For example, you may have an annual income of £50,000.

Once the calculator has taken the headline income figure, you will need to account for all your expenditure. Expenditure covers a broad range of financial liabilities, such as:

  • Existing financial agreements (loans, credit cards, hire purchase agreements and overdrafts).
  • Property costs (rent, existing mortgage payments, utility bills and council tax).
  • Work related expenses (car, fuel, insurance, phone and internet costs).
  • General household expenditure (food, clothes, childcare and school fees).
  • Any other regular expenditure not covered above (leisure, subscriptions and hobbies).

When two applicants are on a mortgage application, the expenditure of both applicants will be considered by the lender.

When only one applicant has income, it typically gets more difficult to pass affordability.

When looking at affordability calculations you should ensure that your expenditure is within your financial means and wherever possible, look to cut back on regular expenses.

For example, it can be beneficial to clear an outstanding loan prior to making a mortgage application because the monthly loan payments will not be factored into the affordability calculation.

Should I Just Apply for a Single Applicant Mortgage?

At this point you may be wondering whether you should go down the joint applicant route for a mortgage.

A single applicant mortgage could mean you only need to cover your own expenses.

The answer to this question is a little more nuanced though, you could find yourself applying for a single mortgage and still needing to declare the full expenditure of your partner/household.

This is especially the case if you have children.

You might also run into complications in the future if you purchase a property in a single name that is used by a family.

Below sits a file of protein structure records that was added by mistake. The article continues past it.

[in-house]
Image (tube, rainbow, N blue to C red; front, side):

For example, if you’re married and divorce in the future, you could find the judge prescribes the property as the family home, which could mean you have to vacate the property and still pay the mortgage on it.

The Legal Aspect of Buying a Property When Married and Divorcing

If you buy a property when you’re married it will be classed as a marital asset. This is the case even if you’re the only applicant on the mortgage or have the property in your name exclusively.

If you divorce, a court will look at one of three options typically:

  1. If there is enough equity in the property to buy both parties a new home each, the judge is likely to put the house up for sale. At a minimum for this option, a deposit on a property each would need to be viable with the existing equity.
  2. In the event the equity isn’t sufficient, a judge will look at whether one party can borrow money and buyout the other party. If you’re the sole income holder in the marriage, the likelihood is that you will retain the property but need to buy out your partner for an equal share.
  3. Where children are involved, it can complicate matters further and a Mesher Order or Martin Order can be made, which means one party has the right to remain in the property for a pre-defined time (even if the excluded party has to continue paying the mortgage).